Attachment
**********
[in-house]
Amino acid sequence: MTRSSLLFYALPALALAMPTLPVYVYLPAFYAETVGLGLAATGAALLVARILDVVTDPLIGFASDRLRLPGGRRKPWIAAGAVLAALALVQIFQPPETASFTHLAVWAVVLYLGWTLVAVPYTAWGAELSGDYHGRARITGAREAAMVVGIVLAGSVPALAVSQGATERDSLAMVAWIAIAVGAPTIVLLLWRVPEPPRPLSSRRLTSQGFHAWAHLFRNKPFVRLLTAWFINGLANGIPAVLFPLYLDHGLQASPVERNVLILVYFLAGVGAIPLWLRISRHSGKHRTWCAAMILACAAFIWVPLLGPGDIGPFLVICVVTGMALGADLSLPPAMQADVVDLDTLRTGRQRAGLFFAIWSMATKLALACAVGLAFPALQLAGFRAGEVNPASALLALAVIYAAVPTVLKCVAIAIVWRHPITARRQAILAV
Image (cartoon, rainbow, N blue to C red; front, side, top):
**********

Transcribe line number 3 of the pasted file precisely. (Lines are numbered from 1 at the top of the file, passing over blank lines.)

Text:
Image (cartoon, rainbow, N blue to C red; front, side, top):